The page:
Ladyblogs have been understandably hostile to the ePad Femme, a touch-screen tablet created “exclusively for women” by the Middle East-based Eurostar Group. The tablet, which sells for $190 and runs the Android OS, comes preloaded with a (surprise!) pink background and apps such as a clothing-size converter, a weight-loss tracker, a shopping-list creator, something about perfumes, and two yoga apps. (Notably absent: a shoe app. How ever will I survive?!)
Yes, it’s awful. Horrible. Patronizing. Could be mistaken for an Onion farce. And like its sisters Bic “For Her” Pens and Japan’s Honda for women, the ePad Femme deserves every last sigh of disgust. But tailoring products for women shouldn’t be entirely written off as anti-feminist garbage. Instead, we should continue pushing companies to stop manufacturing lazy, one-dimensional adaptations of perfectly fine gender-neutral goods for women (assuming you classify “pink” as an “adaptation”) and start challenging companies to create the products women need and want—including adapting certain gender-neutral goods that aren’t really gender-neutral for women.
Let’s take, for instance, the admittedly extreme example of body armor. Until recently, female troops serving in combat zones wore the same body armor as their male counterparts. With the wars in Afghanistan and Iraq, more and more female service members found themselves in harm’s way on the ever-shifting front lines. But for 85 percent of women, even the extra-small armor was too big, leaving them vulnerable to bullets and shrapnel. In September—after a decade at war—the Army finally deployed the first round of body armor designed specifically for women with a female engagement team out of Fort Campbell, Ky. In this instance, women were in desperate need of a product that wasn’t available to them thanks to a mix of tradition, shifting gender roles, and a market slow to react.
A far less dire example: my beloved hydration pack. As a distance runner, I depend on my pack to get me through hours-long runs without chafing or back pain. But until companies introduced packs for women just a few short years ago, female runners were stuck with the gender-neutral—i.e., tailored for men—packs. The packs often sat awkwardly on shorter torsos, and the chest straps didn’t take female anatomy into account. But when manufacturers listened and made savvy—and arguably superficial—tweaks to an existing product, female runners rejoiced.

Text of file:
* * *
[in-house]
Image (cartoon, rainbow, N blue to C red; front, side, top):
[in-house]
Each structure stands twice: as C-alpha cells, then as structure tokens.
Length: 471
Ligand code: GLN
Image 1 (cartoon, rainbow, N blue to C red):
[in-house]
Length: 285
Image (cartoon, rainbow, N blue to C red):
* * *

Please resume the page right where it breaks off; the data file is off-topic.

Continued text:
Or take Pinterest, the photo-driven social-bookmarking site whose user base is 80 percent female. Taken as a whole, the ePad Femme’s collection of preloaded apps—clothes, exercise, recipes—doesn’t deviate much in subject matter from the majority of Pinterest users’ boards. But unlike the ePad Femme’s users, Pinteresters get to call the shots: Recipes not your thing? Pin strength-training plans. Or pop culture. Or over-the-top oddities. The dudes who founded Pinterest likely didn’t set out to build a wedding-planning, cake-baking mecca for ladies young and old, but they did so through smart design (not pink!) and marketing. They knew their audience, but unlike the ePad Femme creators, they didn’t treat them like fools.
Products like the ePad Femme should be laughed off the Internet for their short-sighted conceptualization of what drives female consumers. But when companies tune in and tailor products to women’s actual needs, women will vote with their dollars. And, please, let’s lay off the pink.
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